The Embassy of Japan is partnering with the Government and Woman Incorporated to refurbish a transition house for female victims and survivors of gender-based violence. The Embassy of Japan is partnering with the Government and Woman Incorporated to refurbish a transition house for female victims and survivors of gender-based violence.A $14-million contract, funded under the Grant Assistance for Grassroots Human Security Projects of Japan, was signed on February 27 by Japanese Ambassador to Jamaica, His Excellency Hiromasa Yamazaki; and Gender Specialist and Acting Executive Director of Woman Inc., Joyce Hewett.The Woman Inc. project, with support from the Bureau of Gender Affairs (BGA), an agency of the Ministry of Culture, Gender, Entertainment and Sport, will involve the renovation of a 30-year-old building to a transition house. Female residents at the facility will be able to attend skills training classes to prepare them to be independent.Speaking at the signing ceremony, held in the boardroom of the Public Broadcasting Corporation of Jamaica, 5-9 South Odeon Avenue in Kingston, Ambassador Yamazaki said Japan is pleased to provide financial assistance to address the issue of gender-based violence in Jamaica.He said that the main objective of Japan’s development cooperation is human security, which is a concept that “pursues the right of individuals to live happily and in dignity, free from fear and to ensure their protection and empowerment”.The Ambassador noted that Japan will be introducing an empowerment initiative for women at the upcoming World Assembly for Woman (WAW!) 2019 in Tokyo next month.“We expect to promote the movement of enhancing women’s empowerment in the world. We strongly believe that gender equality and promoting women’s empowerment are essential for realising quality growth,” he said.Ambassador Yamazaki said Japan is fully committed to fostering closer ties with Jamaica.“Many of you may already know that 55 years ago, Japan and Jamaica established diplomatic relations and our friendly partnership started,” he added.The Ambassador commended the Ministry of Culture, Gender, Entertainment and Sport, Woman Inc., civil society and other stakeholders for forming partnerships to address gender-based issues in the country.Meanwhile, Director of Policy and Research (Acting) at the Bureau of Gender Affairs, Kristal Tucker Clarke, said that victims of abuse will be able to stay a longer time at the transition home, noting that persons are only able to stay for temporary periods (no longer than three months) at emergency shelters.She said the partnership resulted from a courtesy call involving officials of the Embassy of Japan and the Minister of Culture, Gender, Entertainment and Sport, Hon. Olivia Grange, when the Minister requested support in the matter of gender-based violence.Mrs. Tucker Clarke thanked the Government and people of Japan for accepting the proposal to fund the project, and the BGA for providing technical assistance for the application of the grant.She also commended former Japan International Cooperation Agency volunteer at the BGA, Mia Akita, who provided guidance through the application process. A $14-million contract, funded under the Grant Assistance for Grassroots Human Security Projects of Japan, was signed on February 27 by Japanese Ambassador to Jamaica, His Excellency Hiromasa Yamazaki; and Gender Specialist and Acting Executive Director of Woman Inc., Joyce Hewett. Story Highlights The Woman Inc. project, with support from the Bureau of Gender Affairs (BGA), an agency of the Ministry of Culture, Gender, Entertainment and Sport, will involve the renovation of a 30-year-old building to a transition house. Female residents at the facility will be able to attend skills training classes to prepare them to be independent.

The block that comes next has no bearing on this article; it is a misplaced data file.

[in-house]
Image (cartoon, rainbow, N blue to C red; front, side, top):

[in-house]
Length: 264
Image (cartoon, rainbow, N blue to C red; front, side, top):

MONTEGO BAY: Some 10 to 15 schools are to be taken off shifts this year, as the Ministry of Education looks to eliminate the system being used by some 200 institutions to accommodate their large populations.Portfolio Minister, Hon. Rev. Ronald Thwaites, who made the announcement as he addressed an Education Summit at the University of the West Indies’ (UWI) Western Jamaica campus in St. James on Friday, June 7, said that the aim is to “do progressively more year after year.”He informed that some 90,000 new secondary school places are needed and the Ministry is looking at ways to satisfy the needs including forging partnerships.He issued an appeal for anyone with knowledge of any available space “which can be transformed into a school come and tell me because we are going to have to use it”.Meanwhile, as the Ministry focuses on providing education and training to meet workforce needs, Rev. Thwaites informed that the HEART Trust/NTA has been asked to upgrade the technical and vocational facilities in the high schools, so that they can offer certified training in those areas.He stated that by 2016, all high school graduates must be qualified either academically or with at least one marketable skill.“By 2016, we expect that there is going to be no more issue of a person attending a high school and at the end of the day, coming out with a certificate of attendance, and a picture in your cap and gown meaning nothing,” Rev. Thwaites stated.“You must take an examination, which will be a combination of CSEC (Caribbean Secondary Education Certificate) or CVQ(Caribbean Vocational Qualification), whatever combination suits your aptitude, and you must come out with at least one marketable skill, so that you can apply for work or you can go on to other advanced technical training,” he stated.Contact: Bryan Miller